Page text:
Anton Miranchuk: An Eternal Runner-up or the New Russian Football Star?

anton miranchuk

The Russian Premier League (RPL) is probably one of the craziest football leagues in the world. Despite unpaid wages, low attendances, poor pitches and several numbers of scandals, Krasnodar, Lokomotiv and Zenit all managed to win their groups in the European competitions, defeating noteworthy teams like Borussia Dortmund, Besiktas, Sporting CP and Valencia. On top of this, the RPL is probably also the league with the highest number of brothers, including three pairs of twins in Dmitriy and Kirill Kombarov from Spartak, Vasiliy and Aleksey Berezutskiy from CSKA and then Anton and Aleksey Miranchuk from Lokomotiv. Furthermore, there are the brothers Georgiy and Vladimir Gabulov from Krylya Sovetov and Dinamo, while Aleksandr and Mikhail Kerzhakov played together at Zenit before the former moved to FC Zürich on loan. Last but not least, Dinamo striker Pavel Pogrebnyak’s younger brother plays for FNL side Tom Tomsk. Of these many pairs, the most interesting is Lokomotiv’s Aleksey and Anton Miranchuk. While 20-year old Aleksey has established himself as a key player for head coach Igor Cherevchenko, Anton is yet to make his debut in the Russian top flight.

Born in Slavyansk-na-Kubani in Krasnodar Krain in southern Russia, Anton took his first steps in football together with his brother in Olimp, the local school academy based in Krasnodar, around an hour and a half by car from their birth city. After a few years in Krasnodar Krai, the Miranchuks caught the attention of the mighty Spartak Moscow, whose academy is famous way outside the borders of Russia. After a short trial in Moscow, the coaches of the Red-Whites decided not to sign the twins because of their poor physical form. Despite Spartak turning them down, there was however no doubt that the twins had become too big for their humble surroundings, and thus a move Moscow was almost unavoidable.

Therefore in 2011, at the age of 15, the twins joined Spartak’s rivals Lokomotiv, who saw a bright future in the two midfielders. Shortly after, they began playing on the 1995 team. Almost straightaway, they developed an amazing understanding with all of their teammates, which resulted in three Russian titles in a row. Their immediate success also proved Spartak wrong, and every goal scored by the Miranchuks was a revenge on the club who had turned them down.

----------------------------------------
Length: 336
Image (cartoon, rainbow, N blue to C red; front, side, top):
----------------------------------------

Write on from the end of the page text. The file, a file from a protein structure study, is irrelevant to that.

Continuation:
Thanks to these great performances, many players born in 1995, including Anton and Aleksey, were promoted. Together with head coach Sergey Polstyanov, they joined the reserve team in an attempt to refresh the squad that won the reserves title in 2010. In November 2012, Anton made his debut for the reserve team in the derby against CSKA, and he soon became a key player on Polstyanov’s team.. At the same time, the current West Ham United manager Slaven Bilić promoted Aleksey to the first team after falling in love with the 18-year-old left-footed midfielder.

In the summer of 2013, the Miranchuks both trained with the first team coached by Belorussian specialist Leonid Kuchuk, who had replaced Bilić. On October 20 2013, Anton made his debut for Lokomotiv in the 1/16 of Russian Cup, replacing Nigerian winger Victor Obinna after 88 minutes and playing extra time. Unfortunately, Anton Miranchuk’s debut was ruined by the fact that the ‘Railwaymen’ were knocked out after a penalty shootout.

However, Kuchuk never gave Brat, as Anton is called by his teammates, his chance on the first team and so he was forced to continue playing for the reserves. In July 2014, Anton was permanently moved to the first team, but shortly after Kuchuk left Lokomotiv and the new head coach Miodrag Božović had no intentions of relying on young players. Even Aleksey found himself playing fewer and fewer minutes with the coach’s attention being on the more experienced Boussoufa and Fernandes. Despite the lack of playing time, both Miranchuks built a great reputation within the squad. In August 2015, the newly appointed Lokomotiv captain Vedran Ćorluka stated: “Anton Miranchuk? He’s a great talent. Unfortunately, he’s injured now. Honestly speaking, I await more from him than from Aleksey.”